Making a shivaSeven-day mourning period following the funeral of a first-degree relative, during which time family members remain at home and receive visits of comfort. Other customs include abstinence from bathing and sex, covering mirrors, sitting lower than other visitors, and the lighting of a special memorial candle which burns for seven days. call is always difficult. You may not know what to say, or how to act with someone who has recently lost a loved one. When a family is sitting shiva after a suicide, visiting can be even more challenging because of stigma related to suicide and many misconceptions about suicide.
This fact sheet provides some insight into what families who have lost loved ones to suicide may be thinking and feeling, and some tips for being supportive in their time of need.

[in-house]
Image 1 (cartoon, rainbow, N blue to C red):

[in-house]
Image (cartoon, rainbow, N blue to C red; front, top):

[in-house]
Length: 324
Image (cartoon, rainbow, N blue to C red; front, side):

This guide was created by people who lost loved ones to suicide. Because we struggled to find answers after losing our loved ones, we work to create the silver lining that can’t always be easily found. One of the ways we have done this is through involvement in Elijah’s Journey: A Jewish Response to Suicide, an organization created to offer a Jewish voice within national suicide awareness and prevention efforts.
In partnership with Elijah’s Journey, we developed a guide for visiting a shiva house when the death is a suicide. A lack of understanding or simply not knowing what to say can lead to visitors accidentally acting in ways or saying things that are hurtful to mourners.
As a Jewish community, we don’t talk enough about mental illness and suicide and we often fall short in support mourners who lose loved ones to suicide. Please take the time to read our resource and share it widely.